Saturday, January 30, 2021

Big words in risk management


Sometimes, people use big words and I have to pause and look them up -- using an online dictionary, of course. Here's three of the biggies from the domain of risk management which are explained below with some examples:
Knowledge errors and omissions: There's a project event coming up. The circumstances and factors for success are not really random ... it's the knowledge base for the assumptions you make and facts you know .. or don't know ... that are the determinates.

You say: I'm X% confident I've thought of everything. (Of course, that leaves 1 - X lack of confidence ... )

The outcome is more or less binary: either it comes off, or not. Value earned! (I'll leave arguments for partial success to others)

Whats the big word? EPISTEMIC. Epistemic risk is the risk of missing or erroneous knowledge, the risk that a fact is -- in fact -- not true, or a fact is missing, or a fact is actually unknown.
Memory aide: epistemic risk is around episodes ... events, and the like.
So: epistemic : episodic

Epistemic risk is said to be "reducible", meaning: you have free will to add/modify/delete from the knowledge base for each episode. Nonetheless, running repetitive simulations in the style of a Monte Carlo to discover possible episode outcomes doesn't help much because the same lack of knowledge or untrue fact shows up the same way every time in the simulation.

But, in the PM domain, it's not all about missing the facts or misjudging the situation. Random stuff happens: it may rain on your event. Such is not 'missing knowledge'.

Random stuff: Rather than missing a fact here or there, or making a wrong assumption, sometimes it's just random small variations: it takes a little longer or a little shorter to do something, or it costs a bit more or less each time you do it, or the tool is a little sharper or a little duller. Exact outcomes are a bit unpredictable, and over the short run exactness is not controllable. But outcomes do tend to cluster within a range of values; in the short run, the range is said to be "irreducible".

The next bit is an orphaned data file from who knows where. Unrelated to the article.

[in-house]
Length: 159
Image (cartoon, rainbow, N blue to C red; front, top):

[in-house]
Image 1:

Simulation is great for this kind of stuff: You usually get a different outcome each time you run the simulation because you're simulating small random effects: the temperature is a little higher or it's a little lower. The simulation report captures most of the possibilities, some more probable than others. For PM, the 'Monte Carlo' methodology is quite common for these types of risks.

A sort of big word for such randomness is 'STOCHASTIC', referring to effects that happen by chance, and such chance effects have a range ... or distribution ... of possibilities, with each possibility having a probability. (The probability of rain at 3pm is less than 20%)

What's the big word? ALEATORY. Aleatory risks are stochastic in their character. The risk outcomes are distributed over a range, and values within the range have probabilities, all such accumulating to 1 or 100%. (If the distribution is continuous, meaning all possible values, then the probabilities are actually calculated over very small increments using calculus methods)

'They say' aleatory risks are irreducible or uncontrollable. That would seem to say that there's nothing you can do about them. Not true. See my comments below.

So, as a risk manager or project manager, what can you do with this? What should you do with all this? As a risk manager, you have an obligation to address risks that are material to project success.

Ask around: In the first case, epistemic risk, if you only have one shot at it, you ask questions until you can't think of anything else, and then you ask a third party to ask questions. After processing the answers, and when you can't conceive of a plot hole, you pull the trigger, as it were.

Apply lessons learned: But also in the first case, if you have a second chance, you can apply lessons learned from the first attempt, change the knowledge base, and thereby change the confidence it will work out. This is the so-called Bayesian method. Looking for a lost nuclear bomb or a lost submarine? This is the way to do it.

Address stochastic sources: In the second case, aleatory risk, it's somewhat of a process control problem: keeping the outcomes within limits of acceptability. 

In the short run, if the tool is dull, you have to live with the stochastic outcomes; they're irreducible, as it were. Longer term, you take executive actions to mitigate outcomes, to wit: sharpen the tool. 

You can look for weaknesses in the process, change the tooling, retrain the staff, add or subtract staff, adjust the environment, or address any other element that contributes or influences the stochastic nature of the risk.

You're in charge. Get on with it!




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